By Mara W. Elliott
As City Attorney, I’ve made it a priority to protect the most vulnerable in our communities, especially children, domestic violence victims, and elderly and dependent adults.
Some of the most disturbing cases our office handles involve elderly and dependent adults who reside in Independent Living Facilities (ILFs) that do not comply with local and state laws intended to keep residents safe. An ILF offers rooms in a single-family home for rent to people who often have no other residential options because they do not have family or friends to look out for them and they lack financial resources. Most ILFs are responsible and law-abiding and are often the only housing option that keeps these renters from being on the streets.
Now, as the pandemic continues, our most vulnerable are especially at risk because many are completely isolated from outsiders, especially medical professionals. Routine interactions that might have raised a red flag about the treatment of a resident aren’t happening and might not happen anytime soon.
Since ILFs aren’t nursing homes or assisted living facilities, they aren’t licensed or overseen by the County or the State, and this can lead to serious and potentially deadly problems for members of our communities. We’ve encountered ILFs that subject their tenants to truly deplorable conditions, including rodents, cockroaches and bed bug infestations, and serious code violations including exposed electrical wiring and non-working carbon monoxide detectors. In one case, inspectors found the residents wearing filthy clothes and the ILF operator admitted he’d unplugged the washer and dryer because he didn’t want the tenants wasting water.
In several cases, inspectors have arrived to find a tenant in such bad physical shape that they had to be immediately hospitalized. City inspectors found one resident lying naked, disheveled, and unresponsive in a dirty, trash-strewn bedroom.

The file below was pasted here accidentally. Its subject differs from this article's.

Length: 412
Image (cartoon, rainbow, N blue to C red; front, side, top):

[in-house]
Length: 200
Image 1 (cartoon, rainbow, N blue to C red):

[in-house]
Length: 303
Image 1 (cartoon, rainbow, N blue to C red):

Our office launched a concerted crackdown on substandard ILFs in 2018. In most cases, we file criminal charges, seek penalties against unscrupulous owners and operators, and shut them down.
Recently, our office charged an ILF operator with 23 criminal counts, including willful cruelty to a dependent adult, theft, and embezzlement. A paraplegic man in his care had to be transported to the hospital after paramedics found him covered in feces, suffering from severe bedsores, and hooked to a catheter that hadn’t been changed in weeks. Another resident had his $800 Social Security check stolen by the operator.
When I realized a team approach was required to hold ILF operators accountable for abuse and exploitation, I established the Independent Living Facilities Vulnerable Victim Program in our Criminal and Community Justice Division. I’ve also hired a Victim Services Coordinator to work with prosecutors to ensure the safe relocation of residents. Despite the challenges presented by the pandemic, our investigators continue to conduct extensive site visits to build criminal cases against problem ILFs.
Because the pandemic makes it more difficult to monitor ILFs, we need your help looking out for seniors and the medically fragile who have no family or friends checking in on them.
You can help us protect people from predatory ILF operators by keeping an eye out for them in your own neighborhood. Sometimes the residences that house these vulnerable individuals are the site of frequent disturbances or so poorly kept that they are an eyesore in the community.
Please call the police if you see suspicious activity at homes where it appears vulnerable residents may be living in a group setting.
SDPD non-emergency lines: 619-531-2000 or 858-484-3154. Always call 9-1-1 in an emergency.
You can also contact the City Attorney’s Victim Services Coordinator at 619-533-5678 or by emailing email@example.com.
With your help, our work to protect San Diego’s most vulnerable residents will continue despite these challenging times.
— Mara W. Elliott is the San Diego City Attorney.